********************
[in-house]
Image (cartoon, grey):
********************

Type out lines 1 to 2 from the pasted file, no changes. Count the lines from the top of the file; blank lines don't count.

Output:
[in-house]
Image (cartoon, grey):